Quebec Court of Appeal strikes down section of Criminal Code allowing consecutive life sentences

“Stacking” sentences for multiples murders constitutes cruel and unusual punishment, says court

Quebec Court of Appeal strikes down section of Criminal Code allowing consecutive life sentences
Carissima Mathen is a professor and constitutional law expert at the University of Ottawa.

A man who murdered six people in a Quebec City mosque in 2017 may apply for parole after 25 years, the Quebec Court of Appeal ruled Thursday in deciding that consecutive life sentences are unconstitutional and violate Charter protections against cruel and unusual punishment.

In reducing the life sentence of Alexandre Bissonnette by 15 years from 40 years, the appellate court invalidated sections of the Criminal Code that allow courts to hand down consecutive life sentences for multiple murders.  

In 2011 the federal Conservative government amended the Code to allow for this kind of sentencing, known as “stacking.”

“Section 745.51 [of the Criminal Code] gives the judge the discretion to impose consecutive ineligibility periods,” the court noted in its reasons.

“In this context, the issue is whether, in and of itself, a sentence of imprisonment for life, without the possibility of parole before a period of 50, 75, 100 or 125 years, or even longer, represents, by its very nature or because it is grossly disproportionate, a degrading and dehumanizing treatment that is intrinsically cruel and unusual within the meaning of s. 12 of the Charter or that infringes the right to life, liberty and security of the person within the meaning of s. 7 of the Charter.”

The court decided that it did, and declared s. 745.51 of the Criminal Code to be invalid and unconstitutional.

“It’s a very intriguing decision,” Carissima Mathen, a constitutional law expert at the University of Ottawa, told Canadian Lawyer.

Quebec’s appellate court seems “to be saying that, because the regime permits the judge to impose a sentence that is cruel and unusual, as opposed to requires the judge to impose it, that can nonetheless render the entire regime unconstitutional. So that's very interesting, and I would expect that [decision] to go to the Supreme Court of Canada.”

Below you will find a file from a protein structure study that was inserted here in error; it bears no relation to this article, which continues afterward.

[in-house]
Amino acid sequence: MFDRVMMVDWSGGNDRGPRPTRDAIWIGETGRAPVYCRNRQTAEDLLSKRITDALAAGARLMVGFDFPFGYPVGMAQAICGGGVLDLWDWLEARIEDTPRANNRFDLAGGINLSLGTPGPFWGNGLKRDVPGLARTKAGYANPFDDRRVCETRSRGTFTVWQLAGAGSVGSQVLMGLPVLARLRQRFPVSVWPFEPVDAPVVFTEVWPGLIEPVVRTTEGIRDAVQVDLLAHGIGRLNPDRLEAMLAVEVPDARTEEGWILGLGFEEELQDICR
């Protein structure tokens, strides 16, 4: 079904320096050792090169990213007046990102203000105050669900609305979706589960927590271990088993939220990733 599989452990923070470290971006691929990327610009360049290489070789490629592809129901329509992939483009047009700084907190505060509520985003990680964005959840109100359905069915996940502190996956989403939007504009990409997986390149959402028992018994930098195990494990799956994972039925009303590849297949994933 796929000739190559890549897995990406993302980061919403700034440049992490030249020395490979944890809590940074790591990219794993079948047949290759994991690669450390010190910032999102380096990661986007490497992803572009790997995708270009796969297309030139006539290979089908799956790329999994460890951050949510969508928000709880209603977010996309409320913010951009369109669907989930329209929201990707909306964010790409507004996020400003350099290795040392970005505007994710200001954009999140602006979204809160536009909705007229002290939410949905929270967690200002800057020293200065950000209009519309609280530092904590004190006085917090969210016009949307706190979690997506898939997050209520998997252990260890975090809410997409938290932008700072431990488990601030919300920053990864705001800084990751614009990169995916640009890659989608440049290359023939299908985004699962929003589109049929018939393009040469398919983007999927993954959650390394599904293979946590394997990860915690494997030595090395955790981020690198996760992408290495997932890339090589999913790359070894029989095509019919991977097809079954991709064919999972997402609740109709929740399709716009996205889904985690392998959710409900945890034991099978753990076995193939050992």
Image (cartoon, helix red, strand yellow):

Alexandre Bissonnette pleaded guilty to 12 counts for his January 29, 2017 attack on the mosque: six counts of first-degree murder and six counts of attempted murder. Bissonnette appealed against the sentence imposed on February 8, 2019 by Justice François Huot of the Superior Court, which sentenced him to imprisonment for life while ordering that he be eligible for parole after he had served “at least 40 years of his sentence.”

The trial judge, in finding the consecutive sentencing regime unconstitutional, interpreted the new Criminal Code provisions in such a way that he gave Bissonnette 40 years of parole ineligibility: 25 years – the mandatory minimum for a conviction of first-degree murder -- plus 15, Mathen notes. But the Quebec Court of Appeal, while agreeing that this section of the Criminal Code was unconstitutional, ruled against the trial judge in this aspect. “On their reading, the most you can get for a finding of first-degree murder is parole ineligibility for 25 years,” she says.

The appeals court noted the “aberration” of a convicted offender being given a sentence that would well exceed his natural life.

“[I]n the event of an order deferring parole eligibility for 100, 125, 150 or even more years, given that a convicted offender cannot be less than 18 years old, he would be at least 118, 143 or 168 years old, or even older, before being eligible for parole,” the court noted in its reasons. “An order of this nature is absurd.

“This disproportion may well satisfy a vengeful spirit. However, as Lamer, J. pointed out, vengeance has no role to play in a civilized system of sentencing. Unlike vengeance, retribution incorporates a principle of moderation and requires the application of a just and appropriate sentence.”

Although Thursday’s decision is binding in Quebec only, “other courts in other jurisdictions generally pay attention,” says Mathen. “The courts tend to be respectful of the opinions of their sister courts,  but they're free to depart from [them].”

A spokesman for the Attorney General of Quebec said  it would study the decision of the Court of Appeal in collaboration with the Director of Criminal and Penal Prosecutions.

Since the Quebec Court of Appeal was unanimous in its judgement, the Supreme Court would not be required to hear any appeal of the decision as of right, but could grant leave to appeal at its discretion.

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